WaterShapes started 12 years ago as the result of a lengthy round of discussions between Eric Herman and me — an exchange of ideas that has continued ever since.
With each issue of the magazine, we consider a broad range of factors, including which features to publish and why, what column topics to pursue, how each piece of the puzzle fits into the overall picture and, above all, whether we’re convinced that the material we’re considering has enough lift to carry the issue to the high level to which you and our other readers have become accustomed.
It’s an oddly delicate balancing act, especially when it comes to feature articles. We do our level best to be geographically representative and to make sure the magazine never leans too heavily toward any one category of watershapes. We also consider proportions of residential vs. commercial coverage, and we strive to resist the temptation to lean too far toward the glitzy and unattainable.
That last point is vital: It has always been our mission to inspire every reader across the board. A prerequisite of making that happen is to cover watershapes whose conception and details can be translated from one project or application to another. This is a practical touchstone that often either clinches a choice or sees an otherwise worthy concept set aside until a better moment arrives.
Something Eric has insisted upon almost from the start is the latitude to publish material that was off the beaten path, maybe even a bit weird. (Pieces we’ve run on bubble-ring generators, water-driven musical fountains and historic municipal water systems come to mind.) He’s always striving keep things interesting while also satisfying his own desire to help expand the world of watershaping.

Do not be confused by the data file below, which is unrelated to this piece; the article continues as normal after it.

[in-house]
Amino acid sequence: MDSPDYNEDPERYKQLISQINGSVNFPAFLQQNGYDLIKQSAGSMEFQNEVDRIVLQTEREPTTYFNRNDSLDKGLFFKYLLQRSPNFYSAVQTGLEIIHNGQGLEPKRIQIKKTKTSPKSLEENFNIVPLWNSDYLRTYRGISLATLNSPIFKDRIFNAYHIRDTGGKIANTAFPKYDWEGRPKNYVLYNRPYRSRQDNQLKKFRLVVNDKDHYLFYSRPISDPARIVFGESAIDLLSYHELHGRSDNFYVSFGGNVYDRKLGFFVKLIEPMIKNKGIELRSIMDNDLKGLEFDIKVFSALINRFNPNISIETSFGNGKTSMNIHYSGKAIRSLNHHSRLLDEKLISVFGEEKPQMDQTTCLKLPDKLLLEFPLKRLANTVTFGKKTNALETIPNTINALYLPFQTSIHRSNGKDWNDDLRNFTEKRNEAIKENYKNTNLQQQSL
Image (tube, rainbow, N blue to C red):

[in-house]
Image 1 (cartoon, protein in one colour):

One of our intentions here is to bring these sorts of background deliberations to the forefront and let you in on what we do in greater detail — for example, to let you know why we’ve made particular decisions, or to discuss why we think the work of David Tisherman, Anthony Archer Wills and William Rowley (among many others) can and should influence the way you approach your own projects.
Whether you’re new to watershaping or a seasoned veteran, our aim is to share our insights and make each issue of the magazine more interesting and pertinent to you. As we’ve always done, we’ll also shake things up from time to time (if only to keep you guessing) or give you occasional previews of what’s coming in future issues and help you understand what the people behind the magazine are thinking.
So watch this space: Should be fun!
Some entries on WaterShapes World will be by Jim McCloskey, the publisher of WaterShapes magazine; some by Eric Herman, its editor;
and some by the two of them together.